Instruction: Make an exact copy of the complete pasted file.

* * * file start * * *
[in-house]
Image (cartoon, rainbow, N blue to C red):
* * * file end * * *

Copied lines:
[in-house]
Image (cartoon, rainbow, N blue to C red):